Recommend Highly!!

    1 out of 1 people found this review helpful.

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  • Anonymous

    Posted April 12, 2012

    I have read this series from the beginning and have fallen in lo

    I have read this series from the beginning and have fallen in love with Virgin River. I really like this novella and the characters. My only sadness is that I really want to see more of Drew and Sunny. I am hoping they show up later on in the series!

    1 out of 1 people found this review helpful.

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  • Posted October 7, 2010

    Definitely Worth Reading!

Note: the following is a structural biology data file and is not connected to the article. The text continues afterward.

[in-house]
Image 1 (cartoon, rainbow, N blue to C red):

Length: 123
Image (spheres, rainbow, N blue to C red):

The first story, Midnight Confessions, features Sunny in depression over being dumped by her fiance. A year ago. She goes to spend the New Year with her Uncle, hoping to get some perspective. While there, she meets Drew, a doctor on New Year's Eve. From then on, it is a battle between their attraction and Sunny's deep, lingering hurt. The story explores themes such as betrayal, forgiveness and second chances. I love Robyn Carr's style of writing. From the first few pages I had a huge grin on my face and she got me laughing out several times. It is poignant and sweet. A good New Year's Eve story. The second story, Midnight Surrender by Jean Brashear is about a 36 year old lawyer, Jordan. Jordan is a hard, bad-ass, don't-give-a-darn kinda girl with a reputation as a man-eater. However, beneath that exterior is a soft heart that has been wounded. Only, that part of her seems invisible to most people. That is, most people except Will. Will is an Irish man who emigrated to the US. Unlike Jordan, Will is earthy and craves hearth and home. Their differences seem exponential. Will works with not-so-quiet determination to prove to Jordan that love does make a difference. It is a nice story and the storyline works for me. The only problem I had was that it seemed to drag a bit. I think it could have done with a lot more dialogue and a lot less narrative. The third and last story in this anthology is Midnight Assignment by Victoria Dahl. Elise Watson is an agent with the Federal Deposit Insurance Corporation. Two years ago she kissed fellow agent, Noah James but things did not work out because he had a girlfriend then. Now, two years later, they are working together on an assignment and the tension is electric. Suffering from Noah's previous rejection, Elise has her armour in place. Never, a girly girl in the first place, she is not good with feelings and all that. Things come to a head when they both give in to the passion. However, the debacle from two years before is still hanging over their heads. This story was hard edged and fast paced; same with the love making. There was a touch of sweetness even if that was not the overall feeling one is left with at the end of the story. Nevertheless, Victoria Dahl is a really good story teller and it comes across in this story. All in all, the anthology, Midnight Kiss, was definitely worth the read. Something to curl up with in front of the fire or to take with you on that long commute (if you are the commuting type). The book is a review copy which I got through Netgalley.